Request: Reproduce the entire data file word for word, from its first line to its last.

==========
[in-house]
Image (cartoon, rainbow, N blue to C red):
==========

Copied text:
[in-house]
Image (cartoon, rainbow, N blue to C red):